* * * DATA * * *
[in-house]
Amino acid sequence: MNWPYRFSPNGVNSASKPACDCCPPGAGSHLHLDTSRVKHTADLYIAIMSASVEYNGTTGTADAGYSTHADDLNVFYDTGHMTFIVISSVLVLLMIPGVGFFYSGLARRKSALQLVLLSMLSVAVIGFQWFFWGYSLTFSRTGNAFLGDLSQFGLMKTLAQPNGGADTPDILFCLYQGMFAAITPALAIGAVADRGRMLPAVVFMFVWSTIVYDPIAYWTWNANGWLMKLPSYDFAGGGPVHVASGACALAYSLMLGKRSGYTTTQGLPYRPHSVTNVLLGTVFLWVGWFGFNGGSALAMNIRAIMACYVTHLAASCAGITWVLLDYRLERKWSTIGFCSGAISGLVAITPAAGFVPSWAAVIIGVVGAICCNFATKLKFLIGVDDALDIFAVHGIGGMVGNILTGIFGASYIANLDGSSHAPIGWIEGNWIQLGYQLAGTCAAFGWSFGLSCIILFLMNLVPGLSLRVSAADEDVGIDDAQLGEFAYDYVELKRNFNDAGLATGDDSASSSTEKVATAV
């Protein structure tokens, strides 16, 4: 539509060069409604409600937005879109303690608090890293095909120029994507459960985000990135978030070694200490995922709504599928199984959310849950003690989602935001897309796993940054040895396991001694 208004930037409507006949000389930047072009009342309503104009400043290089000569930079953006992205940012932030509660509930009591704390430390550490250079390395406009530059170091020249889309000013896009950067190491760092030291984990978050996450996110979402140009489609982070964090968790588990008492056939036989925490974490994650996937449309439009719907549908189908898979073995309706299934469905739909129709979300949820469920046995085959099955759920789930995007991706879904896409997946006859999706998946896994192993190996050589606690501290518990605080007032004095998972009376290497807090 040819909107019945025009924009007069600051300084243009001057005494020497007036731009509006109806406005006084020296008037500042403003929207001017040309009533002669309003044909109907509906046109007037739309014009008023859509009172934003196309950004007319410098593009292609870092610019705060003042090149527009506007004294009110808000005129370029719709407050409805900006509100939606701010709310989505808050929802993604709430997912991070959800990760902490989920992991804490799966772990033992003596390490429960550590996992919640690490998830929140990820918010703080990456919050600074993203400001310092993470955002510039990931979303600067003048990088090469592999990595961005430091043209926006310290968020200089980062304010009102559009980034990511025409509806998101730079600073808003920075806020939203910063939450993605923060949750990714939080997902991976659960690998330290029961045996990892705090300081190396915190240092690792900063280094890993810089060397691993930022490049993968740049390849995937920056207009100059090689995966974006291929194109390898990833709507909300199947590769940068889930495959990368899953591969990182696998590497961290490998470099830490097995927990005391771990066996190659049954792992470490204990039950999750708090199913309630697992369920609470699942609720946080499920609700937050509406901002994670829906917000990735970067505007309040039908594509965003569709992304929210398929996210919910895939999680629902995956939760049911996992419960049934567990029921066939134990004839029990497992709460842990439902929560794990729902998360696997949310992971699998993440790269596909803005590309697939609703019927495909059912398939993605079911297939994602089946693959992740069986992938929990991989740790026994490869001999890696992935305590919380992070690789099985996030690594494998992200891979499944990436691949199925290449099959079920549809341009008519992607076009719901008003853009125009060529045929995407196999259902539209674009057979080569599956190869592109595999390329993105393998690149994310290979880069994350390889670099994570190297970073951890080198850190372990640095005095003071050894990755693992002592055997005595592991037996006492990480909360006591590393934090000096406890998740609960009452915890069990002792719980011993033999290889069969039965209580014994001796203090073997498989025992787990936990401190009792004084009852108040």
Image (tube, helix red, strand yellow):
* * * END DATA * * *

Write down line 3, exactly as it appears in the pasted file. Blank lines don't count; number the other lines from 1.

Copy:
């Protein structure tokens, strides 16, 4: 539509060069409604409600937005879109303690608090890293095909120029994507459960985000990135978030070694200490995922709504599928199984959310849950003690989602935001897309796993940054040895396991001694 208004930037409507006949000389930047072009009342309503104009400043290089000569930079953006992205940012932030509660509930009591704390430390550490250079390395406009530059170091020249889309000013896009950067190491760092030291984990978050996450996110979402140009489609982070964090968790588990008492056939036989925490974490994650996937449309439009719907549908189908898979073995309706299934469905739909129709979300949820469920046995085959099955759920789930995007991706879904896409997946006859999706998946896994192993190996050589606690501290518990605080007032004095998972009376290497807090 040819909107019945025009924009007069600051300084243009001057005494020497007036731009509006109806406005006084020296008037500042403003929207001017040309009533002669309003044909109907509906046109007037739309014009008023859509009172934003196309950004007319410098593009292609870092610019705060003042090149527009506007004294009110808000005129370029719709407050409805900006509100939606701010709310989505808050929802993604709430997912991070959800990760902490989920992991804490799966772990033992003596390490429960550590996992919640690490998830929140990820918010703080990456919050600074993203400001310092993470955002510039990931979303600067003048990088090469592999990595961005430091043209926006310290968020200089980062304010009102559009980034990511025409509806998101730079600073808003920075806020939203910063939450993605923060949750990714939080997902991976659960690998330290029961045996990892705090300081190396915190240092690792900063280094890993810089060397691993930022490049993968740049390849995937920056207009100059090689995966974006291929194109390898990833709507909300199947590769940068889930495959990368899953591969990182696998590497961290490998470099830490097995927990005391771990066996190659049954792992470490204990039950999750708090199913309630697992369920609470699942609720946080499920609700937050509406901002994670829906917000990735970067505007309040039908594509965003569709992304929210398929996210919910895939999680629902995956939760049911996992419960049934567990029921066939134990004839029990497992709460842990439902929560794990729902998360696997949310992971699998993440790269596909803005590309697939609703019927495909059912398939993605079911297939994602089946693959992740069986992938929990991989740790026994490869001999890696992935305590919380992070690789099985996030690594494998992200891979499944990436691949199925290449099959079920549809341009008519992607076009719901008003853009125009060529045929995407196999259902539209674009057979080569599956190869592109595999390329993105393998690149994310290979880069994350390889670099994570190297970073951890080198850190372990640095005095003071050894990755693992002592055997005595592991037996006492990480909360006591590393934090000096406890998740609960009452915890069990002792719980011993033999290889069969039965209580014994001796203090073997498989025992787990936990401190009792004084009852108040």